Margaret Atwood wants you to know that she doesn’t write science fiction.
No, she won’t give back the Arthur C. Clarke Award for her 1985 novel The Handmaid’s Tale. But she does want to clarify matters. She will admit to writing speculative fiction, but not crass sci-fi. What’s the difference? "Science fiction has monsters and spaceships," Atwood explains; "speculative fiction could really happen." Frankly, I am a bit confused by this posture. Am I to conclude that spaceships can’t really happen? Hello Ms. Atwood, have you heard about the Space Shuttle? How about Apollo 11?
But even if I grant Atwood her spurious distinction, I am still left puzzled. Because right in the midst of her ambitious 2000 novel, The Blind Assassin, Atwood is caught red-handed describing monsters and spaceships. For good measure, she adds the scandalous and bloody rites of the God of the Three Suns and the Goddess of the Five Moons on the planet Zycron—where blind child assassins kill tongue-less virgin sacrificial victims and "voracious undead female inhabitants" haunt the crumbling tombs.
Can it really be true? Did Margaret Atwood write a zombie novel?
Well, not exactly. Atwood's novel adheres to strict realism. And there’s a novel within the novel…but it also sticks to plausible events that "could really happen" (in Atwood’s words). But now things get trickier, because Atwood has also included sections of a novel inside the novel within the novel…and it is a wild and crazy science fiction story, straight from the dark Satanic pulp fiction mills of the Golden Age of sci-fi.
So Atwood gets to have it both ways. She upholds the unyielding requirements of realism, but also finds a way to indulge her inner A.E. van Vogt. And, in all fairness to Atwood, she is very inventive in concocting her phantasmagorical space opera. Pretty slick, no? But even as she shares her over-the-top science fiction story, she uses her framing technique to make clear how much she despises it. At one juncture, she depicts her pulp writer mulling over his next story:
He needs to write something that will sell. It's back to the never-fail dead women, slavering for blood. This time he'll give them purple hair, set them in motion beneath the poisonous orchid beams of the twelve moons of Arn. The best thing is to picture the cover illustration the boys will likely come up with, and then go on from there….Still, it's a living, if he can keep up the speed, and beggars can hardly be choosers.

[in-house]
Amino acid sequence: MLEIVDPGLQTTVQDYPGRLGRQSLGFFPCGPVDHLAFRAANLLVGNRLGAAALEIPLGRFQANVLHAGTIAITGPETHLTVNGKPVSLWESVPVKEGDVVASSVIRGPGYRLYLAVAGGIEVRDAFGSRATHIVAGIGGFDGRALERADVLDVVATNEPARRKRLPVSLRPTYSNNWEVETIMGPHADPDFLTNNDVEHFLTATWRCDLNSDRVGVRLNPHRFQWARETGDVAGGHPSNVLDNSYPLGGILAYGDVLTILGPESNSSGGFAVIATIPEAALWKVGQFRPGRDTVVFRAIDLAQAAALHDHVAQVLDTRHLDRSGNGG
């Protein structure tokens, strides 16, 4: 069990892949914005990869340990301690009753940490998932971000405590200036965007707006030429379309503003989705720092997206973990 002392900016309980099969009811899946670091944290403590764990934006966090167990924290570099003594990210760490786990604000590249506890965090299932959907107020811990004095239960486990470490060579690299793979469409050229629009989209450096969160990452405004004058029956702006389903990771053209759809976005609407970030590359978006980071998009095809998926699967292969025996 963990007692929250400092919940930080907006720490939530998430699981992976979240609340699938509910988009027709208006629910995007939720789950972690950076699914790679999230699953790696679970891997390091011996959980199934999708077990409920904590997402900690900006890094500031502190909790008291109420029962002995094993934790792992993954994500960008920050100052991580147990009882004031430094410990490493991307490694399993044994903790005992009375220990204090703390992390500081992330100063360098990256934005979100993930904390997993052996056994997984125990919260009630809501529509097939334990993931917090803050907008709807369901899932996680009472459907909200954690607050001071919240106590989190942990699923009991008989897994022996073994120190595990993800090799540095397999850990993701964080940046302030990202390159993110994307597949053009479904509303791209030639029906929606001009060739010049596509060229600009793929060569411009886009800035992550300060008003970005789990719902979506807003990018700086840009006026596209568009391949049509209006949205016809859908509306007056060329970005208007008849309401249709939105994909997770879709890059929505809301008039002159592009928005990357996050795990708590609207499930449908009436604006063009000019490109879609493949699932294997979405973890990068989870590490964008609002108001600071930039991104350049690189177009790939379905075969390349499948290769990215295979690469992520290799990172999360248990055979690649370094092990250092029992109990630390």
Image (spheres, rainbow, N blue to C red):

This intricate dance between levels of meaning and types of realism pervades every facet of The Blind Assassin. The narrative operates at four or more levels, with at least as many intended audiences. Yet each level is suspect, every author is compromised, no story achieves a pure level of disinterested objectivity. Only after arriving at the final page, can you start to determine how much of our story is truth-telling, and what portion can be classified as convenient fiction, self-justification, or pure fantasy.
In short, few books do a better job of exemplifying the postmodernist theme of the ‘death of the author’. Hence, it is all too fitting that The Blind Assassin even begins with the death of an author—in this instance, the troubled heroine Laura Chase, age 25, who drives off a bridge, leaving behind no note, few possessions, and the manuscript to a novel, fittingly called 'The Blind Assassin'. She won’t be the only author to die suddenly in the course of this book. In fact, we have another ‘death of the author’ at the very end of the novel.